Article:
Event coordinated by Vigneto Communications, great job as always, a pleasure to taste in a venue whose character so well fit the personality of the wines.

Bonny Doon Vineyard Le Cigare Blanc 2010

Bonny Doon Vineyard Le Cigare Blanc 2010

It was 1967, the Summer of Love, and guys in my neighborhood were trading in their baseball gloves for electric guitars. The Beatles told us that all we’d need is love, barbers looked for new careers, and overnight an explosion of color and fashion replaced yesterday’s blue jeans and white tee-shirts.

Things were changing.

By the time ’69 rolled around, outdoor gatherings of young people were happening coast to coast and in Europe. I squinted through summer sunlight at a grassy slope packed so tightly with moving bodies wearing tie-dyed clothing that, from a distance, it gave the impression of being some massive, psychedelic bed quilt. Reaching the hill, the air filled with sounds of Jimi Hendrix amid atmospheric layers of pot smoke, sweat and the musky, vague-ish mint scent of patchouli.


I recall for you that period of personal flower child history because it is where I landed in a vivid flashback inspired by memory-prodding musky notes of Bonny Doon Vineyard’s Le Cigare Blanc reaching my brain, linking me to some dreamy reverberation of being a teenager during the late ‘60’s.

First produced in 2003, Le Cigare Blanc is the “white analogue” (says BDV’s Randall Grahm) to Boony Doon’s flagship and massively impressive red Le Cigare Volant, an homage to the wines of Chateauneuf-du-Pape.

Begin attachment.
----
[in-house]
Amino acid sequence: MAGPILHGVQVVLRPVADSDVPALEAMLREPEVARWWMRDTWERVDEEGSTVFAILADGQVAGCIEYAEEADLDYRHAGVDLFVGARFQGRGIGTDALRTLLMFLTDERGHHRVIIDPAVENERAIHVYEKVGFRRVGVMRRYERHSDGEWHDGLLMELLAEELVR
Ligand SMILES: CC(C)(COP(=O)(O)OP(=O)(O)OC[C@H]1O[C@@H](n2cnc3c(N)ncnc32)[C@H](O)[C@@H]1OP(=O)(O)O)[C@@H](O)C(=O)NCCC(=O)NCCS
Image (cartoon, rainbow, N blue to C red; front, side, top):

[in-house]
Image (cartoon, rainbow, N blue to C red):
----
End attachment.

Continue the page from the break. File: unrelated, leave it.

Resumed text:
Sourced from the biodynamically farmed Beeswax Vineyard in the Arroyo Seco area of California’s Monterey County, the wine is a blend of 55% Roussanne and 45% Grenache Blanc. The blending prescription apparently changes vintage to vintage depending upon the particular characteristics of each vintage year. Grapes are fermented together (the blend is completed up front) in double barrel and stainless steel with opportunity to tweak the final wine using unblended reserve.

Tasting Notes / Impressions:

A fragrant blast of pear, subtle musk, natural honey, notes of herb, mint and flowers. Complex, earthy, urgently sensual. Good weight on the palate, yet tender and plush in the mouth, enlivened by a citrus-y, mineral vein of acidity. Long, savory finish balanced with a delicate hint of bitter goodness. A blissed out, trippy, idealized, revolutionary wine for drinking, eating and loving 🙂 

Food Pairing Suggestions:

Salmon lox, crustaceans (dreaming of angel hair pasta and crab meat in a delicate cream sauce), toast points with avocado and soft boiled egg, fatty sea fish, vegetable torte, quiche, creamy cow’s milk cheeses (brie, robbiola, etc.)

Related posts:

Highlights from Burlington, VT Wine & Food Festival 2013

The Scent of Memory


Five Wines for a Tuesday Night

Five Wines for a Tuesday Night

The weekend is history now and you’re staring down the long end of a work week that is getting busier by the minute. You think it would sure be nice to wrap up Tuesday evening with something good to eat and a glass or two of wine. Sounds like a great idea with little need for convincing, except for one thing: the wines you like to drink aren’t inexpensive and while it’s easy to justify that on the weekend, they stand a bit pricey for a Tuesday night.